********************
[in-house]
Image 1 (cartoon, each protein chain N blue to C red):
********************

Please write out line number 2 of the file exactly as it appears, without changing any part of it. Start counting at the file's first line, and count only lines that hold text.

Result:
Image 1 (cartoon, each protein chain N blue to C red):